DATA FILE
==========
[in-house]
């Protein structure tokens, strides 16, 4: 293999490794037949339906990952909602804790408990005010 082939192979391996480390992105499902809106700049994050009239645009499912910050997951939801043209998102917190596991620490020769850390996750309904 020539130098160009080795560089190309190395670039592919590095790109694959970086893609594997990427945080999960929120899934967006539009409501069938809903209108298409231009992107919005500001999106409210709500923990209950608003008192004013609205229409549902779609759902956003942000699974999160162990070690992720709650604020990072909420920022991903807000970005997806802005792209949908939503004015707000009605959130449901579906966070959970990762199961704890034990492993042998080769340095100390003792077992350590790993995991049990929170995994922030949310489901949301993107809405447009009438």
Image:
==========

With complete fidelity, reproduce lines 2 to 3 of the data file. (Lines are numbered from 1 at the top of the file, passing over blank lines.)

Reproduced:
């Protein structure tokens, strides 16, 4: 293999490794037949339906990952909602804790408990005010 082939192979391996480390992105499902809106700049994050009239645009499912910050997951939801043209998102917190596991620490020769850390996750309904 020539130098160009080795560089190309190395670039592919590095790109694959970086893609594997990427945080999960929120899934967006539009409501069938809903209108298409231009992107919005500001999106409210709500923990209950608003008192004013609205229409549902779609759902956003942000699974999160162990070690992720709650604020990072909420920022991903807000970005997806802005792209949908939503004015707000009605959130449901579906966070959970990762199961704890034990492993042998080769340095100390003792077992350590790993995991049990929170995994922030949310489901949301993107809405447009009438």
Image: